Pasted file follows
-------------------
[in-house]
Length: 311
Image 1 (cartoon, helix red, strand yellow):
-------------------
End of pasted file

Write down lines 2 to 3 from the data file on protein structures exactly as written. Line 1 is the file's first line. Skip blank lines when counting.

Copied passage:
Length: 311
Image 1 (cartoon, helix red, strand yellow):